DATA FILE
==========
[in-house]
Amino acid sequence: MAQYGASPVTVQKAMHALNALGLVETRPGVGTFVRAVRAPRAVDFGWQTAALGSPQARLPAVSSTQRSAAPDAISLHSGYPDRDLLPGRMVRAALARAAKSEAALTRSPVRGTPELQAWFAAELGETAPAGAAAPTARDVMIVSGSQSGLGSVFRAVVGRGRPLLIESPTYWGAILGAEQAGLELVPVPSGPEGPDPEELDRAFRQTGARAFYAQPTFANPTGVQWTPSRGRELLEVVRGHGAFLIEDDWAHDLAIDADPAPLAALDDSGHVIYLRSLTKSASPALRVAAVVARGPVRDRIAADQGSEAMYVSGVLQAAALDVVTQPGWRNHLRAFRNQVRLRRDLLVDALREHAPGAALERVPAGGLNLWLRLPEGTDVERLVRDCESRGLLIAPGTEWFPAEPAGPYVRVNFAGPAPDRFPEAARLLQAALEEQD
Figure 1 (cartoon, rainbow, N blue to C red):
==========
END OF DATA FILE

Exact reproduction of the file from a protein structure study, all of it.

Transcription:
[in-house]
Amino acid sequence: MAQYGASPVTVQKAMHALNALGLVETRPGVGTFVRAVRAPRAVDFGWQTAALGSPQARLPAVSSTQRSAAPDAISLHSGYPDRDLLPGRMVRAALARAAKSEAALTRSPVRGTPELQAWFAAELGETAPAGAAAPTARDVMIVSGSQSGLGSVFRAVVGRGRPLLIESPTYWGAILGAEQAGLELVPVPSGPEGPDPEELDRAFRQTGARAFYAQPTFANPTGVQWTPSRGRELLEVVRGHGAFLIEDDWAHDLAIDADPAPLAALDDSGHVIYLRSLTKSASPALRVAAVVARGPVRDRIAADQGSEAMYVSGVLQAAALDVVTQPGWRNHLRAFRNQVRLRRDLLVDALREHAPGAALERVPAGGLNLWLRLPEGTDVERLVRDCESRGLLIAPGTEWFPAEPAGPYVRVNFAGPAPDRFPEAARLLQAALEEQD
Figure 1 (cartoon, rainbow, N blue to C red):